This year, when gatherings pose a risk to health the public health work around voting is two-fold: There should be assurance that voting can be done safely, while also making sure that everyone that can vote, does. And make no mistake, there is significant work to ensure that voting is as healthy and safe as possible. ASTHO CEO Mike Fraser and I have recently joined the advisory board of a nonpartisan coalition called We Can Vote. In May they launched HealthyVoting.org, a state-specific guide that helps voters discover their healthy voting options during COVID-19—things like voting by mail, voting early, and observing social distancing measures when voting in person. I urge all public health officials to review the options available in your state, publicize the information to the public, and consider what influence you can use to promote healthy voting. I also urge health officials to consider how to be more involved in not only making the act of voting safe, but increasing access to voting information for all communities in your state. Studies show that social, economic, and health inequities have a large effect on electoral outcomes. As public health officials, it is well within your purview to advocate for the right of all citizens to vote for the sake of their own health and the health of their communities. Voting is one of the most effective ways of advancing health equity.

Enhancing Voting Safety and Participation Should Be Part of Your Public Health Portfolio
While this might feel like a daunting task, you don’t have to do this alone—there are already a range of initiatives promoting voting and strengthening democracy in all states. For example, the organization VotER—which brings together a team of physicians, designers, and behavioral scientists—is offering patients the chance to register to vote while with a provider in a nonpartisan, non-interruptive, and completely optional way.

The non-partisan State Infrastructure Fund and Heartland Fund recently received several million dollars from the Jacob and Valeria Langeloth Foundation to support civic engagement efforts. These intermediaries support a network of on-the-ground voter engagement and civic participation organizations in almost every state. With traditional voter engagement activities upended by the COVID-19 pandemic, they have supported organizations that now have to pivot to remote and digital organizing strategies and tactics.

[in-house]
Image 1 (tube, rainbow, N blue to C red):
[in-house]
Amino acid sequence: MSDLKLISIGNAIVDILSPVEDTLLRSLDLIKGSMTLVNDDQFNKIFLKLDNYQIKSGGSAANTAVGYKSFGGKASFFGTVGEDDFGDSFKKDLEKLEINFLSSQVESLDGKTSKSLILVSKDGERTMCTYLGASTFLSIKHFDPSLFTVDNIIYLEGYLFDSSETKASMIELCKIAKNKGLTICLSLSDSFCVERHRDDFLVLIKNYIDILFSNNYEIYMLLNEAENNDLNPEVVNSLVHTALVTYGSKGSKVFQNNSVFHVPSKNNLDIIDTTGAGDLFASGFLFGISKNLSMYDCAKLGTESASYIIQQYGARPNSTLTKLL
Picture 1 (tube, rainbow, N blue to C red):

State-level organizations are also stepping up to the challenge with a range of innovative adaptations. In the lead up to the Pennsylvania’s June elections, Pennsylvania Voice engaged in census-outreach to ensure that individuals updated their registrations and encouraged vote-by-mail (VBM). It worked: 19.3 percent of contacted voters applied for a VBM ballot, compared to the statewide average of 11.3 percent among people of color voters. In Mississippi, Mississippi Votes has held a host of virtual events and is developing a new text organizing program around the census, voter registration, and voter mobilization. The organization is continuing to hold conversations both nationally and locally about how to address some of the obstacles for VBM in the rural parts of Mississippi and among college students. Leaders Igniting Transformation in Wisconsin is pivoting to a digital-first organization. Among their innovative initiatives to promote civic participation people included their online version of Black Hogwarts: Digital Action, Organizing, and Training catered to young people of color. And in Montana, Montana Women Vote has been keeping voters educated and up to date on their social media and voter registration portal on the changing rules for this upcoming election cycle.

Please visit State Infrastructure Fund and the Heartland Fund for a directory of organizations working on the ground in your state and for contact information.

With just around 100 days to go until the November election, there is no time to lose. We need all hands-on deck. ASTHO is partnering with We Can Vote to elevate voting as a public health issue. I encourage you to become part of the broad-based public health effort to get out the vote.


Edward P. Ehlinger, MD, MSPH, is a member of the ASTHO board and former health commissioner for the Minnesota Department of Health.